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The FTC Is Suing AT&T for Throttling Its Unlimited Data Customers

Brian Fung and Craig Timberg, reporting for The Washington Post:

Federal officials on Tuesday sued AT&T, the nation’s second-largest cellular carrier, for allegedly deceiving millions of customers by selling them “unlimited” data plans that the company later aggressively controlled by slowing Internet speeds when customers surfed the Web too much.

The Federal Trade Commission said the practice, called “throttling” and used by AT&T since 2011, resulted in slower speeds for customers on at least 25 million occasions — in some cases cutting user Internet speeds by 90 percent, to the point where they resembled dial-up services of old. The 3.5 million affected customers experienced these slowdowns an average of 12 days each month, said the FTC, which received thousands of complaints about the practice.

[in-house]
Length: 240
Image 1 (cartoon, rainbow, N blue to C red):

Insert non-sarcastic finally here.

“It’s absolutely outrageous,” said John Bergmayer, a senior staff attorney at Public Knowledge, an advocacy group based in Washington. “They’re not allowed to promise one thing and deliver another… Unlimited is not unlimited when you put limits on it.”

Tuesday, 28 October 2014